Are you a slave to your i-device?
Are you constantly looking down at your smart phone, tablet, laptop during the day? Do you have neck pain? Ever get headaches? Any numbness/tingling down your arms? If so, these tips could help you.
Nowadays, we are constantly plugged in and looking at electronic devices during the day –one of the consequences of this could be a tight painful neck. If ignored, it could lead to nerve impingement, herniated discs, and migraines. So what to do? I’ve listed out a couple of tips that could help alleviate some of the problem and also described some activity modification that will be necessary if you want to prevent the pain from coming back!
1.) Lifestyle modifications –I’ve listed this as number 1.) for a reason. It’s because if you make no modifications to overuse activities that bring on this pain, you can stretch til you’re blue in the face, but don’t expect lasting results. If your job includes long hours in front of your computer make sure you bring your screen up! Whether it be a smart-phone, tablet, or looking down at your computer screen, all these activities encourage you to look down. Instead of looking down constantly, try to bring the device up to eye level so your neck isn’t in a hyper-flexed position for a prolonged period of time. This tip is important in order to prevent the reoccurrence of neck pain. Look at your own activities and try to identify what movement patterns are causing this pain. This is where physical therapy can really help. They can help you modify and work on muscle/movement imbalances that may relate specifically to you. (see below for a few general exercises)
2.) Mind the position of your neck when you sleep. Do you use multiple pillows at night under your neck? You could be perpetuating this forward head posture, pushing your head up while you sleep. Use just 1 medium-sized pillow to cradle the back of your neck, or a small towel roll under the crook of your neck to support it. Personally, I’m not a big fan of contoured pillows because if you don’t fall asleep in the same position every night, or you move around a lot while you sleep those pillows don’t move with you. Your neck could end up in a worse position before morning, and then you wake up with a terribly stiff neck! Therefore, don’t waste your money. The best positions to sleep in for your neck is either on your back or side with pillows for support. Sorry stomach sleepers, this is the worst position for your neck because you are forcing your neck to be rotated to one side the entire night. Ideally, you want your neck in a neutral position. See example below.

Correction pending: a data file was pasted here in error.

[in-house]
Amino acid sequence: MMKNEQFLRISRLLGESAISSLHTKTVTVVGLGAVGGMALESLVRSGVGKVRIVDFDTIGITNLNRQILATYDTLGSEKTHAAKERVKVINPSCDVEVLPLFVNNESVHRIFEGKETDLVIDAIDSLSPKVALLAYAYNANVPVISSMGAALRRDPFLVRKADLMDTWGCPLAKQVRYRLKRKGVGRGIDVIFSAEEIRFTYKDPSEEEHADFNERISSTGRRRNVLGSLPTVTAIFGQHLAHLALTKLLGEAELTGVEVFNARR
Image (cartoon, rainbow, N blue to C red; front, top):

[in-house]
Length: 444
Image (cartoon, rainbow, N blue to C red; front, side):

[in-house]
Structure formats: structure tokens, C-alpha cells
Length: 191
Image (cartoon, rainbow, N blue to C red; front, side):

3.) Postural exercises! Yay! Over time, if you keep your head in a forward head posture you could actually change the length of your neck muscles. Usually with forward head posture comes rounded shoulders as well. This is perpetuated by tight pect. muscles. The muscles along the suboccipitals (back of the neck, where your skull meets your cervical spine) become stretched out and lengthen so it’s hard for you to contract them and therefore bring your neck back. Therefore, we need to strengthen them –here comes the chin tucks! See some postural strengthening exercises below.